Uncertainty about the current situation in humanitarian contexts was generally related to a lack of information—which in turn relates to the availability, reliability, or relevance of information (Danielsson and Ohlsson 1999, see also Knox Clarke and Darcy 2014). Much of the humanitarian literature focuses on information availability—suggesting that too little information is available for humanitarian leaders (King 2005; Darcy et al. 2013; Knox Clarke and Darcy 2014; Van De Walle and Comes 2015) or that information exists but is not easily accessible or shared for a variety of reasons including security, competition between agencies, and incompatible information management structures (Zhang et al. 2002; Van De Walle and Comes 2015).
The quality of information is also a persistent problem (Cosgrave 1996; Benini 1997; King 2005; Knox Clarke and Darcy 2014; Van De Walle and Comes 2015; Colombo and Checchi 2018), and even where good quality information is available, it is not always relevant to the specific decision which needs to be made (Zhang et al. 2002) as each decision made by each decision-maker at each organisation will require different information (King 2005; Gralla et al. 2013). Information will also become out of date (and therefore irrelevant) as the situation changes (Zhang et al. 2002; Hobbs et al. 2012; Obrecht and Bourne 2018): a problem compounded in the humanitarian sector by weak monitoring systems (Knox Clarke and Darcy 2014; Knox Clarke and Campbell 2015).
The second broad type of uncertainty relates to the future—how the situation will develop and what the possible consequences of actions might be (Hobbs et al. 2012). Sometimes this, too, is due to lack of information—perhaps because evidence of what will work does not exist or is not accessible to the decision-maker (Hayles 2010; Knox Clarke and Darcy 2014). However, the literature also suggests that the problem can be failing to focus on the right type of information, particularly where the situation is dynamic and unpredictable. In these circumstances, it seems to be less useful (beyond a certain level) to have information that will help the decision maker identify an action to take than to have feedback—information on the consequences of the actions that have already been taken (Mendonca et al. 2001; Kowlaski-Trakofler and Vaught 2003; Lu 2017).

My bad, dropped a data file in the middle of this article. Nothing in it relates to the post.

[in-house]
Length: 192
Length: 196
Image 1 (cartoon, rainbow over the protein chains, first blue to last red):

To better understand why this might be the case, it is helpful to clarify the difference between uncertainty and risk—because the literature suggests that these two conditions call for different approaches to decision-making and because much evidence-based decision-making works appears to work better in situations of risk than in situations of uncertainty.
The term ‘risk’ is often used in humanitarian literature as a synonym for ‘negative consequences’—humanitarian decisions described as ‘risky’ (see for example Metcalfe et al. 2011). This use of the term is misleading; however, as it blurs the distinction between risk and uncertainty, a distinction that hinges on how certain we can be that a decision will have negative consequences (Sitkin and Weingarten 1995; Metcalfe et al. 2011). Risk is the chance of an event occurring and the potential impact if it does. One much-used explanation is that risk = probability x impactFootnote 5, where both probability and impact can be meaningfully quantified. For example, insurance companies assess the likelihood and possible impact of a driver having an accident in order to quote a price to provide that driver with car insurance and are able to do this because they have enough information about the probability of a certain type of driver (female, academic, in her 40s, driving mainly at the weekends) having an accident, and the cost of repairing that accident for her type of car. A ‘risky’ situation, then, is one where there is a potential for negative consequences, and where we can use information to quantify how likely the event is, and how negative the consequences will be.
However, not all events or possible outcomes can be assessed in terms of their likelihood and outcome. Many humanitarian situations involve a situation referred to in the literature as ‘deep uncertainty’ (Lee et al. 2012; Kalra et al. 2014). Humanitarian crises are complex environments. They involve multiple actors and variables which change, interact, and affect one another, creating so many potential future scenarios that it is impossible to predict and describe them all; however, much information is made available (Lu 2017). When dealing with the outbreak of conflict in an urban environment, for example, it would not be possible to identify or ‘model’ the probability of all the different possible events, or the consequences of these events for the civilian population. And this, in turn, means that it is not possible to make a quantified, information-based assessment to identify the best response options in advance; however, much decision-makers may wish to do so. Uncertainty differs from risk in that decisions do not become easier, or more certain, the more information you have. In fact, attempts to collect more and more information can make the situation worse, by causing delay (or ‘analysis paralysis’) (Quarantelli 1988; Kowlaski-Trakofler and Vaught 2003; Aldunate et al. 2005; Kapucu and Garayev 2011; Comes 2016) or—by focusing decision-makers on what is known, to the exclusion of the (much larger) unknown and unknowable—giving a false sense of certainty (Gigerenzer 2014).